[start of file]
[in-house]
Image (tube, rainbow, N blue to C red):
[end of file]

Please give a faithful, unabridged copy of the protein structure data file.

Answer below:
[in-house]
Image (tube, rainbow, N blue to C red):